Everybody remembers The Real World: San Francisco—bike messenger Puck; cute Pedro, who was HIV positive; and one of our own, Pam, the overachieving med student. Eleven years later, Dr. Pamela Ling is married to one of her housemates from the show and still gets recognized on the street.
What made you originally sign up for the show?
It was a little bit of a lark, actually. I was already living in San Francisco and they flyered all around my neighborhood. A bunch of my roommates and I all signed up.
Why do you think you were cast?
I think they look for potential chemistry between people. I was a med student at the time, and because Pedro, one of the housemates living with us was HIV positive, I think they thought that would be an interesting dynamic. And San Francisco has a big Asian population—we were the United Colors of Benetton cast.
Do you think you filled a particular role on the show?
At first I was definitely the overachieving Asian American med student—you start with a placard over your head saying what you are. But as you get to know people, the little boxes don’t fit so well.
I thought I’d be the voice of reason about HIV, because everyone was freaking out about AIDS at the time. But Pedro was actually a very experienced AIDS educator. I ended up learning a lot more about HIV than educating about it.
Did being on the show have a lasting influence on your life?
For me personally, yes. I met my husband on the show! I ended up marrying Judd Winick. So it had a big impact.
We didn’t get together until after the show was over. At the time I was totally oblivious… but people say they could tell. Within a year we got together, and we got married three years ago.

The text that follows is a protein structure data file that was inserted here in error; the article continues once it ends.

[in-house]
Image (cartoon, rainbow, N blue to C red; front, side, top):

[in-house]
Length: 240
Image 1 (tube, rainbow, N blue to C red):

Did being on the show, in such an intense environment, impact your relationship or make it stronger?
It’s a very intense experience. I mean, we feel like we’ve been to the moon and back. It was intense especially because of Pedro’s illness. So we went through the best and worst of times early on. Early on our relationship had a trial by fire.
Everyone who’s been on reality TV is like in a big, dysfunctional family. You all have the same show issues, so you have that
What kind of issues?
You have no control over how you’re portrayed. So suddenly you have no control over how you’re perceived by a whole bunch of people. They’re shooting 80 to 100 hours a week to make a 22-minute show, so of course the picture is going to be incomplete. They take shortcuts, they abbreviate, and if you’ve lived it, you’re inevitably going to feel dissatisfied.
Reality shows have become much more sensational. They’re all about the contests and they’re like game shows. Before, all we had to do was live in the house and that was cutting edge. Now it’s all about eating bull testicles and being naked in hot tubs all the time.
Do you think you were treated differently as an Asian American?
I don’t think so. I did think it was nice to be on. I still think there’s low representation of Asians on TV, but I don’t think I was treated differently.
Are you still recognized?
Oh yes! Still. I’m still surprised that people recognize me. It was 10 years ago, so now people don’t know why they know me. I get a lot of, “Did you go to high school in Modesto?” “Are you the bread maker at LuLu?”
And Puck was on your show?
Yes. He’s the most memorable person from our cast. He only lived with us for seven weeks, but he was very featured—and sanitized. He was actually far more abusive than they showed.
If you had a daughter or a niece who wanted to go on a reality TV show, what would you say to her?
I wouldn’t oppose it. I’d probably say, “Be mindful, you’re giving up your privacy and you’re giving up control.”
It depends on what kind of show it was. I don’t recommend eating blended rats. Fear Factor is not a show I’d recommend.
The guy who created Fear Factor was a producer on The Real World. He was the only one we could talk to because we weren’t supposed to talk to the crew. So he was the only one we could call up and abuse. I’m not surprised that he created Fear Factor. He is getting back at all of the people who want to be on reality shows.